Be Not Afraid (of Virginia Woolf)

The Rev. Becky Zartman, Christ Church Cathedral’s Canon for Evangelism and Formation, invites us to spend the summer contemplating a literary masterpiece and bringing fresh perspective into our own lives.

Thought lingers, love plays

I remember exactly where I was, and what I was doing, when I read Virginia Woolf’s Mrs Dalloway. I didn’t quite understand what was happening at first, because it was clear that although Mrs Dalloway was about preparing for a party, this book was actually not at all about preparing for a party. Somehow, I was invited into a world of different perspectives, illuminations, and striking observations of human existence. I read the entire book in one sitting. 

I didn’t understand Woolf (or Mrs Dalloway, for that matter) but I knew that I loved her. She came at the truth sideways, which is perhaps the only way to tell these sort of truths (perhaps this explains Jesus’ fondness for parable?) What I learned was to let myself be in each moment as Woolf presented it; and in doing that, I learned how to better let myself be in each moment of my own life. She gave me license to see, really see, right now, how the light drifts through the live oak, revealing the dust mites in the air, a moment in time. Woolf showed me that even when the right now is hard-edged, it is only the right now that holds wonder and joy.

So this summer, I am inviting you to your own summer, to your own life. To experience a book (one does not exactly read Virginia Woolf) as practice for experiencing the wonder and joy of the present. Our theme is “Thought lingers, and love plays.” This is my hope for you, that you might linger with your thoughts, and experience the love in your life.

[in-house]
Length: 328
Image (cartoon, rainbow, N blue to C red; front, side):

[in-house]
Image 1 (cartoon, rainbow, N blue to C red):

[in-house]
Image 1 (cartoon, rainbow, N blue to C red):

I know this isn’t an easy book, and I know it generates deep and meaningful questions and discussion. So we’ve created a “you can do the thing!” Cathedral Reads this summer.

We will have two lectures with Emma Ridder, a twentieth-century literature scholar. Emma is  passionate about helping non-academics interact with “challenging fictions.” She will introduce us to the modernist movement, talking us through why these works are written as they are. For instance, if you’ve ever tried to read T.S. Eliot’s The Wastelandyou were probably left disoriented… which means, that piece of art worked the way it was supposed to. Emma will orient us to To the Lighthouse so that we can be with the work fully. She will be with us on Zoom on June 12th at 2:00pm and June 23rd and 6:30pm. 

We will be hosting online small groups, a weekly “Loose Canons” discussion, and of course Dean Thompson’s Cathedral Reads Dean’s Hour on August 7th. One other thing worth noting – since the book is so experiential, we’ve planned a “Lily Briscoe Painting Party” at the Art Cellar in River Oaks; we will be painting a piece inspired by Woolf and To the Lighthouse. That event will be July 21st at 7:00pm

I very much hope you can join me and others in talking about this extraordinary book. You can do the thing! we can do the thing! and more than that, we can experience the thing.

~The Rev. Becky Zartman

For more information on programs and small group discussions, click here.

Lock up your libraries if you like; but there is no gate, no lock, no bolt that you can set upon the freedom of my mind.